Observations from the 2023 SBC

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  • I was on a panel in which the question was asked, “How will you talk to your congregation about this SBC meeting?” Other pastors shared the systematic ways they discuss SBC life with their church families. 

    The happenings in the Southern Baptist Convention are not a regular part of my congregation’s discussions. But I would like to comment on what I experienced at this year’s SBC. That is the point and purpose of this article. 

    SBC New Orleans 

    Bart Barber, Pastor of First Baptist Church of Farmersville, Texas, won reelection as President of the Southern Baptist Convention. To watch him lead the convention, you would soon understand why. Barber moderated with grace and wisdom. I think the convention is in good hands under his leadership for another year. 

    All in all, I left the 2023 SBC hopeful and encouraged. Sure, there were things said and done we should not be proud of. So it is with every family. Imagine how much more that is the case when more than 12,000 family members get together to have difficult conversations on important subjects. 

    Beyond the people factor, we must not neglect the reality of spiritual warfare. The SBC is the largest missionary sending, church planting, theological training, relief providing, and gospel-proclaiming Protestant denomination in America. Satan would do whatever is necessary to halt the good work the SBC is doing to advance the kingdom of God. Watch and pray. 

    Most of my meals were on the go – before, between, or after meetings. But I did not have a bad meal at any restaurant I visited in New Orleans. No, not one!  

    SBC Pastors Conference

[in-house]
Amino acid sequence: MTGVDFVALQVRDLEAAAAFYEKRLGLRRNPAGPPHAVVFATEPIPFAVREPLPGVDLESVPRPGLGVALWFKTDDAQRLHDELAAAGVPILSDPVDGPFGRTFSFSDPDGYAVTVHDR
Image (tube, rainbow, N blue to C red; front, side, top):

The Southern Baptist Convention begins each year with a pastor’s conference. Daniel Dickerson, a young, non-megachurch pastor, led this year’s conference. He led the conference well, powerful messages were delivered, and hundreds of pastors were edified and encouraged. 

    The theme of the conference was “The Beatitudes of the Pastor.” It was my privilege to give the final message Monday evening from Matthew 5:10-12. I am grateful and humbled by the opportunity to serve fellow pastors through the ministry of the word. 

    NAMB & IMB 

    Why bother with the SBC? That question is answered when you hear reports from the North American Mission Board and International Mission Board. 

    Since 2010, NAMB has planted 10,000 churches in North America. Eighty-six percent of these church plants survived to become stable congregations. The bulk of these new churches are non-white. Within a few years, there will be no majority ethnic group in the SBC. 

    The IMB commissioned 79 new missionaries. Some were introduced behind screens to protect the identities of missionary families who are going to places where it is illegal to preach the gospel or where their safety will be in jeopardy. 

    SBC Seminaries

    The six seminaries of the Southern Baptist Convention are at the top of the list of the strongest and largest seminaries in the world. Each seminary president reported on their respective academic institutions’ ongoing health and strength. The critical role SBC seminaries play in training the next generation of Christian leaders is unquestionable and undeniable.